“It’s a self-fulfilling prophesy; companies are scared to report or
don’t have the data to report, so they don’t report.”

Moëc went on to say that he was increasingly nervous about a “divorce between what Europe is doing and what the rest of the world is doing”. His main concern, he said, was that “instead of convergence, we’re working with divergence”.

The tentative solution was better, more transparent data and streamlined, comparative indices. “We need data providers and index builders to overcome this divergence, but I’m not sure we’ll get there,” Moëc added. “When you’re engaging with companies, to some extent you’re instilling fear. You don’t want to discover too late, via a controversy, that something bad happened.”

This was why his organisation implemented a ‘three strikes you’re out’ policy, he explained. “We focus on companies that just make it into this universe, and then we give them three years. At which point, if there’s no change, we divest,” he said. “We’re trying to elicit the voluntary disclosure of data.”

When data isn’t black or white

Sodha said one of the biggest challenges was learning to become comfortable with “grey” areas. For example, there was a lot of qualitative data that issuers put into the market, but the numbers only told so much. “Data quality scores need to be taken into consideration,” she said.

Price added that it was important to be mindful that “scare tactics” didn’t stop companies from reporting. “For instance, it’s concerning when certain companies report not finding modern slavery in their supply chain – when we would actually expect to find it there,” she said.

“It's concerning when certain companies report not finding modern slavery
in their supply chain, when we would expect to find it.”

She, too, emphasised the need for more robust and easily accessible data. “We need to build – and are currently working on building – public databases of knowledge.”

Price used the mining industry as an example, explaining that it was critical due to the many minerals needed to reach net-zero targets. “We need to make [the mining industry] fit for the future,” she said. “We need more investment in emerging markets, especially in technology around deep-sea mining safety, to deliver the industry to 2030.”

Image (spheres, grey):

Limits to engagement

Moëc added that there was one key data area where government regulation likely would not be sufficient. “If you’re looking for information about the supplier of the supplier of the supplier of the supplier, some companies will always fall below the radar,” he said.

“It’s only the big corporates that can force some kind of disclosure and ask the right questions when they contract out. No government can substitute for actions of the corporate sector because we’re always under pressure from clients to do more.” Moëc said most concerning funds for investors with engagement plans were the ones on the “lower end” of the quality scale that escaped analysis. “[Those] you need to worry about.”

“It’s only the big corporates that can force some kind of disclosure
and ask the right questions when they contract out.”

Fitzsimons added that the questions of “who is controlling the audit?” and “how far do you go?” were top of mind for investors seeking to improve their stewardship – but rarely, if ever, had easy answers.

“Some of these issues cannot be tackled on a company-by-company basis,” said Price. “They need to be collaboratively tackled.”

When asked by Kelshiker in which industries they felt their engagement efforts would have the most impact, the panellists gave a variety of responses. They said, 1) the mining industry (Price), 2) whichever sectors had “the biggest gaps to fill” (Fitzsimons), 3) the financial industry (Moëc), and 4) the utilities and automotive industry (Sodha).

For investment teams at asset owners looking to improve their stewardship and engagement practices and futureproof their investment portfolios, these answers proved a hopeful point on which to end the discussion.